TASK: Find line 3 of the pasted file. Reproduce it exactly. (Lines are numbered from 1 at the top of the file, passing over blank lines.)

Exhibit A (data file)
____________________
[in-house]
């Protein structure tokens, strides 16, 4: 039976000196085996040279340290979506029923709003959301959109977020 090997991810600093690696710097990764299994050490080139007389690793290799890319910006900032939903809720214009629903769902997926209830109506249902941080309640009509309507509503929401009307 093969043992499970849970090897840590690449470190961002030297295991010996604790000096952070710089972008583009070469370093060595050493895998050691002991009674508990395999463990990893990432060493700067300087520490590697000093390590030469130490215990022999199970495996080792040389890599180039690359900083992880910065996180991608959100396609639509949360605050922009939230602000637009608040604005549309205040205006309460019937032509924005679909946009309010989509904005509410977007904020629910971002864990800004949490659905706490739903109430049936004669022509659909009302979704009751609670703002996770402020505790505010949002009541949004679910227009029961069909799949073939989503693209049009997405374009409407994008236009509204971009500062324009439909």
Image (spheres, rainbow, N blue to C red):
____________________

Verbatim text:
Image (spheres, rainbow, N blue to C red):